- From laying on your back, exhale and use your core to send your legs up and over head with control. Slowly lower your feet toward the floor behind and beyond your head. Keep your chin to your chest, neck straight, and do not look from side to side.
- If your toes touch the ground, your hands can stay long by your side. Work to keep your torso as close to perpendicular with the floor as possible, legs fully extended and engaged.
- If your toes don’t touch, bring your hands to your lower back, fingertips facing up. Rock your shoulders underneath you so the shoulder-blades draw closer together, creating a little air pocket for your C7 vertebra (that little knobby bone at the base of your neck). Again, work to keep your torso as close to perpendicular with the ground as possible, legs fully extended and engaged.
- Hold for 10 deep breaths then slowly roll down one vertebra at a time, using your core to decelerate, until your legs extend long.
- Hug your knees into your chest and rock a little from side to side for a quick release of the lower back before moving on to other postures.
How It Will Heal You:
Hamstring Pulls – The vast majority of the time, hamstring pulls are a direct result of inflexible hamstrings. This big muscle group requires patience and daily attention to open up and can be really frustrating in their resistance to change. You are not going to go from barely touching your toes to Jordyn Wieber overnight. Commit to working on this posture every day and slowly but surely you’ll get the results you want and your body needs.
Lower Back Pain – How many of you have experienced lower back pain? I’d venture to say that anyone who sits in a chair all day has suffered through their fair share. This is also a big one for athletes. Why is that? Most often, lower back pain in athletes stems from tight hamstrings. For my fellow anatomy nerds out there, the hamstrings originate on the sitz bone–aka those little nobs deep in the flesh of your booty that us yogis balance on when doing boat core work (my favorite!). If your hamstrings are tight they will pull down on the pelvis from the insertion point (the sitz bone) tilting it out of proper alignment and forcing your body to compensate using your lower back to remain upright. Another common reason for low back pain is underdeveloped abdominal muscles. I’m not talking just the six-pack abs (rectus abdominis) but also the deeper corset abs (transverse abdominis) that are critical for balance and stability. The simply solution to preventing and treating lower back pain is to stretch out your hammies and workout your core every day.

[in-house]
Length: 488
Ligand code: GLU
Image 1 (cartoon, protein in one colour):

Neck Pain – From foundational issues in the ankles and feet to the top of the tower, the neck is a critical player in athletic endeavors and requires great care. Having had two of the most important people in my life suffer debilitating neck breaks, I really can’t stress this one enough. Full rotation of the neck makes all the difference in any sport you play. How else are you going to see your opponent coming up behind you to try and steal the ball away? And with a fastball speeding toward you, you want to be able to turn your neck and see that baby coming! Unfortunately, like the feet and ankles, the neck is often neglected when it comes to stretching and strength training. Avoid that pitfall with the postures in this post.